Doubtless in part this is due to its solitary possibilities — you can listen to songs on your own or with others, but at concerts there’s likely going to always be someone else there (there are of course always exceptions, as any number of bands can tell you). The part of me that is happily and utterly content to be curled up with a book, writing away quietly as I am now, cooking in the kitchen — that part of me doesn’t need shows, and certainly didn’t seem to need them then. Looking back of course I can sense the many what-might-have-beens — what shows did I miss? Were there any local acts of interest or touring bands playing college or club circuits in Saratoga and Coronado that I would kick myself now for having missed? (But then again, would I have even been aware of them then? My listening habits and my sporadic means of finding out information while dealing with a lot of other things in life were what they were — so while many years later I deeply, deeply regretted having missed the Chameleons’ San Diego appearance for Strange Times, I also know that there was almost no way I would have even noticed that show being announced, or even who the band was. Sure, I could be annoyed at my past self, but I certainly wasn’t surprised by said self either.)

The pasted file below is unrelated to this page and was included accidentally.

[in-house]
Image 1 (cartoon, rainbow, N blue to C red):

In any event, there I was, and there I was again a few months later, now off to UCLA as a college freshman, meeting many new people, settling into dorm life, wandering down to record stores in Westwood, talking and learning and observing (‘Gee, did EVERYONE on my floor go to that Depeche Mode show at the Rose Bowl?’). It was fall of 1988, I still wasn’t even eighteen yet, and though I don’t think I consciously had any idea that another show would soon be on the cards, I wasn’t surprised when it did finally happen.